Brooke White-Lancette’s life story is a testament to her unwavering passion for hockey. Born and raised in California, Brooke moved to Lake Placid, NY at the age of 15 to forge her path in hockey and play boys’ varsity high school hockey at Northwood Prep School. She also led the local girls’ team, the Lake Placid Rockets, to three consecutive State championships.
Brooke was a four-year starter at Northeastern University in Boston and was elected captain her senior year. Playing from 1998-2003, she earned ECAC All-Conference First Team her final three years. Her career reached new heights when she earned a spot on the U.S. National Team, representing her country in international competition.
Brooke moved to Minnesota in 2003 for the express purpose of furthering girls’ high school hockey. She went on to train some of the most successful female athletes in Minnesota to date. She and partners Winny Brodt and Jenny Potter paved the way for future athletes by co-founding a semi-pro team: the Minnesota Whitecaps, the first American women’s post collegiate program.
In 2004, she joined the Minnesota Whitecaps in the inaugural season in the Western Women’s Hockey League. She played in every Whitecaps season until the WWHL ceased operations including when the Whitecaps’ team won the 2010 Clarkson Cup.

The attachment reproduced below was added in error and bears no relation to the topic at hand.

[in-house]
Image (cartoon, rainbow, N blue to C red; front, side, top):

Brooke has two sons who play the game, a husband who referees at multiple levels and also coaches at Breakaway Academy, and a bustling business training players of all ages. She’s heavily involved in Minnesota Hockey’s High Performance and Tier I Girls’ programs and is MN Hockey’s Girls’ development coordinator.
After 18 years of professional hockey, Brooke may have retired from playing, but her dedication to the sport remains unwavering. She coaches, mentors, and continues to contribute to the growth of women’s hockey, leaving a lasting legacy for future generations to follow. Her story is a testament to the power of determination and love for the game. Known for her bubbly personality and ready smile, there is still no denying that Brooke, like all women’s hockey players at a certain level, has had to work hard for her spot in the hockey world.